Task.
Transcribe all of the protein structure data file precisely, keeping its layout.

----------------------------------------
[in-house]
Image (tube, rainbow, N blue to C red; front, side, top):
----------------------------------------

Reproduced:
[in-house]
Image (tube, rainbow, N blue to C red; front, side, top):